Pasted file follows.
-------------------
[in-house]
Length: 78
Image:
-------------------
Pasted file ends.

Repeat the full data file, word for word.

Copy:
[in-house]
Length: 78
Image: